Bananas Foster Was Invented At This Famous New Orleans Restaurant

If you've ever tripped around the Big Easy — aka New Orleans — then you know that this lively, culture-steeped city is chock full of good eats. From hearty red beans and rice to rich shrimp and okra gumbo to loaded po'boy sandwiches, many of NOLA's Cajun- and Creole-inflected dishes have attained legacy status. And of course, no visit to New Orleans would be complete without sinking a spoon into the decadent local dessert known as bananas Foster.

A fairly simple and yet show-stopping dish of quartered bananas that are gently simmered in rich butter-and-brown-sugar caramel, bananas Foster is a fun dinner party dessert. The last step of this dish? Adding some rum to the pan of fruit and lighting it aflame with a match. After the fire — and the applause — has died down, the bananas are served with cool vanilla ice cream (via Bon Appétit). The classic dish might seem as old as time, but in fact dates back to 1951 New Orleans.

A dessert from the heart of the French Quarter

In 1946, New Orleans native Owen Brennan opened a French Quarter restaurant named Vieux Carré. It was located right across from historic Bourbon Street bar, The Old Absinthe House (via Brennan's), which Brennan had acquired a few years earlier in 1943 (via The Daily Beast). The Creole-inflected restaurant was a hit, outgrowing its original location by 1956. The operation soon moved into an impressive circa-1795 former bank building, and acquired a new name: Brennan's (via New Orleans Historical). In between, sometime in the early '50s, a VIP visitor to the restaurant — New Orleans Crime Commission chairman Richard Foster — inspired a new dessert that would go on to stand the test of time.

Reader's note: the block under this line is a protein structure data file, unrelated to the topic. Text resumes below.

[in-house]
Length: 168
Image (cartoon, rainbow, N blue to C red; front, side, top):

According to NPR, at the time of Foster's visit, Brennan's sister Ella managed the restaurant, and was charged last-minute with creating a new dessert in the chairman's honor. Improvising quickly, she grabbed a bunch of bananas — which tended to hang around the kitchen due to the siblings' brother John running a produce business at the time — sautéed them, then flambéed them in a nod to a flaming baked Alaska served at rival restaurant Antoine's. A hit at dinner that night, bananas Foster went on to become extremely popular when it was offered at Brennan's boozy breakfasts. It still remains the restaurant's best-known dish.